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Force Bill

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Force Bill

Official White House portrait of President Andrew Jackson.

The United States Force Bill, formally titled "An Act further to provide for the collection of duties on imports", 4 Stat. 632 (1833), refers to legislation enacted by the 22nd U.S. Congress on March 2, 1833 during the Nullification Crisis.

Passed by Congress at the urging of President Andrew Jackson, the Force Bill consisted of eight sections expanding presidential power and was designed to compel the state of South Carolina's compliance with a series of federal tariffs, opposed by John C. Calhoun and other leading South Carolinians. Among other things, the legislation stipulated that the president could, if he deemed it necessary, deploy the U.S. Army to force South Carolina to comply with the law.

The relevant sections of the Force Bill are:[1]

  • Section 1 deals with unlawful obstructions to the collections of import duties; by securing ports and harbors for the protection of duty collectors, allowing for the detention of vessels and cargoes to enforce revenue laws, and authorizes the president to use armed forces to protect customs officers and to prevent the unauthorized removal of untaxed vessels and cargo.
  • Section 2 expands the jurisdiction of federal courts to cases arising from revenue collections by the U.S. government and allows injured parties in revenue cases to sue in court. It deems property detained by customs officers to be in the custody of the law, subject to disposition by court order only, and criminalizes anyone who circumvents the legal process in regaining detained property as guilty of a misdemeanor.
  • Section 5 deals with States, or portions within a state, who employ force, or any other unlawful means, to obstruct the execution of U.S. federal law, or interfere with the process of any Federal court. This section authorizes the president to use whatever force necessary to suppress such insurrections, "and to cause the said laws or process to be duly executed".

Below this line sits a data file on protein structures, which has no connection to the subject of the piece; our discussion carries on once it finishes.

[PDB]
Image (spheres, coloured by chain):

• Section 6 deals with States who refuse to jail persons imprisoned under Federal law. It authorizes U.S. marshals to jail such persons in "other convenient places, within the limits of said state" and to make provisions for this purpose.
  • Section 8 is a sunset clause, stating that the "first and fifth sections of this act, shall be in force until the end of the next session of Congress, and no longer." It is not clear whether subsequent Acts of Congress extended these provisions.

Background behind implementation

South Carolina had been sorely disappointed by negotiations surrounding the Tariffs of 1828 and 1832. The state declared the two acts unconstitutional and refused to collect federal import tariffs. President Andrew Jackson saw the nullification doctrine as being equivalent to treason.

In an early draft of what would eventually become his "Proclamation to the People of South Carolina" on December 10, 1832, Jackson declared to the South Carolina government:

Seduced as you have been, my fellow countrymen by the delusion theories and misrepresentation of ambitious, deluded & designing men, I call upon you in the language of truth, and with the feelings of a Father to retrace your steps. As you value liberty and the blessings of peace blot out from the page of your history a record so fatal to their security as this ordinance will become if it be obeyed. Rally again under the banners of the union whose obligations you in common with all your countrymen have, with an appeal to heaven, sworn to support, and which must be indissoluble as long as we are capable of enjoying freedom. Recollect that the first act of resistance to the laws which have been denounced as void by those who abuse your confidence and falsify your hopes is Treason, and subjects you to all the pains and penalties that are provided for the highest offence against your country. Can (you)...consent to become Traitors? Forbid it Heaven![2]

Meanwhile, Congress passed the Force Bill, which was enacted on March 2, 1833. It authorized the president to use of whatever force he deemed necessary to enforce federal tariffs. South Carolina purported to nullify the Force Bill as well, but simultaneously, a Compromise Tariff was passed by Congress, defusing the crisis.

While the Force Bill rejected the concept of individual states' rights to nullify federal law or to secede from the Union, this was not universally accepted. It would arise again in the buildup to the American Civil War.

See also

  • Lodge Bill, an 1890 proposal pertaining to federal voting rights that is sometimes called the Lodge Force Bill.

References

  1. ^ Text of the Force Bill, Wikisource
  2. ^ Remini, Robert V.: The Life of Andrew Jackson, page 241. Perennial, an imprint of HarperColling Publishers, 2001.
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